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Human immunodeficiency virus (HIV) attacks and destroys the body’s immune system by killing a specific type of white blood cell known as the CD4 cell (or helper T-cell).
Acquired immune deficiency syndrome (AIDS) is the most advanced stage of HIV. AIDS happens when HIV has badly damaged the immune system, a process that may take years. The loss of CD4 cells leads to a weakened immune system, which allows infections and cancers to occur that usually don’t affect healthy people. These are called opportunistic infections and opportunistic cancers.
As treatment with anti-retroviral therapy (ART) has become available, fewer people living with HIV (PLWH) are developing AIDS. In fact, PLWH can live long and healthy lives by taking ART.
HIV can spread when an uninfected person is exposed to blood or certain body fluids (semen, vaginal secretions, or breast milk) from an infected person. There are several possible routes of HIV transmission (spread):
HIV is NOT spread:
With new precautions and careful testing at blood banks, the risk of HIV spread through transfusions of blood and blood products has been almost eliminated. There is a 1 in 2 million chance of being infected with HIV through a blood transfusion in the United States.
Infection through organ transplants from HIV-infected donors is very rare, because donor organs and tissues are thoroughly tested for HIV before transplant.
HIV infection may not cause symptoms for years, and a person can have HIV for a long time and not know it. The US Centers for Disease Control and Prevention (CDC) recommends HIV testing at least once for everyone between the ages of 13 and 64. However, HIV testing is often not done unless you have certain medical problems, are pregnant, or ask to be tested.
If you have any doubt about your HIV status, talk with your doctor or visit a health department clinic where testing is offered. To have the HIV test done without giving your name and address (anonymous testing), you can buy a home collection kit at the drugstore or online or go to an anonymous testing site. Some state health departments also offer anonymous HIV tests.
HIV testing is covered by insurance without a co-pay. If you don’t have insurance, look for a testing site that provides free tests.
HIV is often diagnosed after the development of opportunistic infections or cancer. But with testing, HIV infection can be diagnosed and treatment can be started before a person gets seriously ill.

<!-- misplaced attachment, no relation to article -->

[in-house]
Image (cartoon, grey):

HIV is a type of virus called a retrovirus. Treatment for HIV is known as anti-retroviral therapy or ART. Treatment for HIV often uses 3 or more ART drugs. These medications are taken daily to help keep the virus from making more copies of itself (reproducing).
The combination of anti-HIV drugs varies with each person depending on:
Different combinations might be tried. Over time the ART medications may need to be changed.
Once a person has been diagnosed with HIV, ART should start as soon as possible. HIV infections cannot be cured, but they can be managed long term with ART. By taking ART regularly, PLWH can have a normal life span and people with AIDS can live longer.
The main goal of ART is to lower the amount of HIV in a person’s blood. This can reduce damage to the immune system and decrease the risk of opportunistic infections, cancers, and AIDS. Reducing the amount of HIV also greatly lowers the risk of spread.
It is important that a PLWH takes their ART as prescribed to keep their HIV blood levels as low as possible. This improves a person’s quality of life and lowers the chances of serious illnesses and long-term effects of HIV.
Other measures that can be taken to support the immune system involve good self-care, such as:
Our team is made up of doctors and oncology certified nurses with deep knowledge of cancer care as well as journalists, editors, and translators with extensive experience in medical writing.
National Institutes of Health. Understanding HIV. Hivinfo.nih.gov. Accessed at https://hivinfo.nih.gov/understanding-hiv on October 21, 2021.
Panel on Treatment of HIV During Pregnancy and Prevention of Perinatal Transmission. Recommendations for Use of Antiretroviral Drugs in Transmission in the United States. Available at LINK. Accessed at https://clinicalinfo.hiv.gov/sites/default/files/guidelines/documents/Perinatal_GL.pdf on March 25, 2022.
Steele WR, Dodd RY, Notari EP, et al. HIV, HCV, and HBV incidence and residual risk in US blood donors before and after implementation of the 12-month deferral policy for men who have sex with men. Transfusion. 2021;61(3):839-850.
US Department of Health and Human Services. HIV Basics. Hiv.gov. Accessed at https://www.hiv.gov/hiv-basics on March 22, 2022.
Last Revised: March 28, 2022